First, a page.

What happened next is a sad indictment of school maths. When my 12-year-old nephew invites me over, it can only mean one thing — he needs help with his maths homework. The problem seemed simple enough: Take four copies of the number 1234. Re-arrange the digits in each number so that the four numbers sum to 9000. For instance,... Continue Reading →
Back in April, I delivered a talk at a Harvard Alumni Conference for graduates of the International Education Policy master's programme. It was somewhere between my first attempt at a TED talk and an introduction to my work at Whizz. The full transcript is available here.
In 1997, during an episode of Countdown, I was blown away by a solution to the numbers game. Eleven years later I appeared on the show. Eight years after that I wrote this piece for TES on how to develop number sense. Read the full piece here.
Education is innately cultural. The way we learn is shaped by our environment, our experiences and our belief systems. The EdTech community, for all its promises of personalised learning, has not yet matured to grasp all that this term entails. Instead it throws algorithms and data at Education in the vain hope that every child’s... Continue Reading →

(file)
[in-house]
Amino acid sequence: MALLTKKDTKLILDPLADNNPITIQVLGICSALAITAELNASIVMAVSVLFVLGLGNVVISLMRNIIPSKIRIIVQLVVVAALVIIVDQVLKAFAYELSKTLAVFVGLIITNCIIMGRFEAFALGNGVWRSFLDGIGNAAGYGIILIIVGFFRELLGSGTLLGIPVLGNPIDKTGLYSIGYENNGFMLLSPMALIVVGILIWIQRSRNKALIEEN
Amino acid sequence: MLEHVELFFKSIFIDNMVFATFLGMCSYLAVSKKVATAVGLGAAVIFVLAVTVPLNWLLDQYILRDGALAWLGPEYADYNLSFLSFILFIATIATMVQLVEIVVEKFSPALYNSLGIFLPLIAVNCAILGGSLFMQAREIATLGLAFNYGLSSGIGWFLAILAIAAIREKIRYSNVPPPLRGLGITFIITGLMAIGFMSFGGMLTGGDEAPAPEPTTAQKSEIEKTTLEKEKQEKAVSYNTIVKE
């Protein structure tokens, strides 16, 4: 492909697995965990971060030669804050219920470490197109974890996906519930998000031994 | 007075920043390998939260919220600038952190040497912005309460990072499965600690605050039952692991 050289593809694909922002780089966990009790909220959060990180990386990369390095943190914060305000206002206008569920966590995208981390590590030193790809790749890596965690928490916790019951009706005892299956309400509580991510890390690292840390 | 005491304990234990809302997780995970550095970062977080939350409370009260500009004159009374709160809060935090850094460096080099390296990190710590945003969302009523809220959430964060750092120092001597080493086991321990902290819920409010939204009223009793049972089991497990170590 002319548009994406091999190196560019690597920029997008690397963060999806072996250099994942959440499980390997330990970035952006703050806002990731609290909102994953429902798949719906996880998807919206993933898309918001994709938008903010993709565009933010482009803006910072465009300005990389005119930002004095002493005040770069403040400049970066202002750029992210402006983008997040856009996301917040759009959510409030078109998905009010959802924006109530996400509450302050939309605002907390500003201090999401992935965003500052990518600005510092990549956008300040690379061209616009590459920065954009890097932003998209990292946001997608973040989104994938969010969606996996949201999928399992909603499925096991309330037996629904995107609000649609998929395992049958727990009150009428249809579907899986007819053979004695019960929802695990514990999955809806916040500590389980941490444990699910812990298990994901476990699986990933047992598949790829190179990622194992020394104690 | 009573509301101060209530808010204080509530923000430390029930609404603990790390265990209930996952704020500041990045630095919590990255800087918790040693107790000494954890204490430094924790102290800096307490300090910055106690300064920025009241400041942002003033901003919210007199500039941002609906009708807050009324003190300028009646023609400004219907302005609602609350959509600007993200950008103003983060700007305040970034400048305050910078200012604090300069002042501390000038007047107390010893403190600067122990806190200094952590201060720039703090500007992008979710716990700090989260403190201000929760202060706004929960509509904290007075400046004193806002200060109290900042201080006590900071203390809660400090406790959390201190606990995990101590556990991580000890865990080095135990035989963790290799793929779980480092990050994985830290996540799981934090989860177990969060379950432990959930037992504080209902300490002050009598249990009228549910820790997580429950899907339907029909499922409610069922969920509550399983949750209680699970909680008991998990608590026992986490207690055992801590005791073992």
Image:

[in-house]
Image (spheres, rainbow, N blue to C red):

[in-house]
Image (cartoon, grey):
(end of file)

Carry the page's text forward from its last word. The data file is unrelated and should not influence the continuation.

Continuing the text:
Oxford admissions interviews are notoriously challenging, particularly in mathematics. A 25-minute interview is designed with stunning precision to tease out the strongest problem-solvers (the main criteria for selection in mathematics). The competition is stiff. Yet a good chunk of candidates who make it to the final interview stage unravel within moments, ruling themselves out of... Continue Reading →
Educational testing is inherently flawed. No written assessment can do justice to the breadth and depth of students' intellectual, social, and emotional competencies. As educators clamor to condemn high-stakes tests and implement the changes that the Every Student Succeeds Act will enable, it is important that educators also impose the same scrutiny on international... Continue Reading →